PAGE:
He only learned about fifty words of the language, even after five years of patient teaching. Stuck in the animal state for life, by being abandoned? That's hard to accept.

If he was a human boy, as it would seem, why didn't he acquire the full complement of human traits? Is language so crucial? If he had been taught language sooner, would that have made the difference? Some writers claim if language is not learned by the age of about ten it's too late to be learned at all.

This reminds Jack about that contentious letter from Bhutan. He brings it from the attic and rereads it. `When I was pregnant with this baby I was very troubled.'

That's to be expected. No matter what the explanation of how she got pregnant, it's clear enough her husband was not the father, because `When the baby was born it was very hairy.' and `I am not hairy. My husband is not hairy. In both our families no one is hairy, and no one is blond.'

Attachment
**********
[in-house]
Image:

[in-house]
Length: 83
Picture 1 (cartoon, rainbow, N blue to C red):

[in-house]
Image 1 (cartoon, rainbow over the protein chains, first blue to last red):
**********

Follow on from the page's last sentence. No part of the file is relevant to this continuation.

What about that hairiness? I never heard anyone say I was particularly hairy when I was just born. I wonder if I can find out about that somehow. But the hair color is a dead giveaway in any case. Bhutanese people are black haired, pure and simple, and I am blond. And they have brown eyes, close to black. Mine are green.

`It is worrying me what can happen with the boy. If he is part apeman he may be wild or crazy.'

Lady, you don't know the half of it. There's wildness and craziness aplenty around me. Victor II. But I'm not so sure how much of it begins with me. Some has to be yours, and who knows how much is daddy's, whoever he might be. Some kind of Bluebeard?